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Heroes: Season 1 (2006-2007)

Universal Studios Home Entertainment
Blu-ray Disc Released: 8/26/2008

All Ratings out of
Video: 1/2

Review by Mike Long, Posted on 8/26/2008

In my recent review for DC Heroes: The Filmation Adventures, I wrote that the popularity of super heroes comes and goes. Well, apparently, super heroes are very in right now. Judging by the box-office performance of both The Dark Knight and Iron Man this summer, the public can't get enough of comic-book characters. What was once a niche market, which was only aimed at "nerds & geeks", has now become very mainstream. This trend isn't only exploding at the theater -- television has gotten in on the act as well. The NBC series Heroes may be the ultimate attempt to create a product which will appeal to a mass audience while also catching the attention of comic book fans. But, will that attention be positive or negative?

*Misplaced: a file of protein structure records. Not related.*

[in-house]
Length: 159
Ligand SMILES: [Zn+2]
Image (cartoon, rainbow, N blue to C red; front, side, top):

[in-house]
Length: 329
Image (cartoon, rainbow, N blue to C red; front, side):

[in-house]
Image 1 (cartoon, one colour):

Heroes is set in the modern-day United States and follows a group of people across the country who suddenly find that they have special powers. In Odessa, Texas, teenager Claire Bennett (Hayden Pantierre) has learned that she can quickly recover from any injury. In New York City, Peter Petrelli (Milo Ventimiglia) is convinced that he can fly. Also in New York, painter Isaac Mendez (Santiago Cabrera) believes that his paintings show the future. Niki Sanders (Ali Larter) of Las Vegas has blackouts and when she awakens, people are often dead. LAPD officer Matt Parkman (Greg Grunberg) can suddenly hear the thoughts of others. And in Tokyo, office worker Hiro Nakamura (Masi Oka) attempts to persuade his co-worker Ando Masahashi (James Kyson Lee) that he can stop time. Special individuals of this sort were being studied by Dr. Chandra Suresh (Erick Avari), who was convinced that they were the next step in evolution, until he was murdered. His son, Dr. Mohinder Suresh (Sendhil Ramamurthy) has come to New York seeking answers to his father's death. Finding his father's research, he begins to look for these powerful people. However, there are others searching for them as well; a man in horned-rim glasses (Jack Coleman) seems intent on capturing the special people, while a mysterious, dangerous man (Zachary Quinto) is bent on killing them all.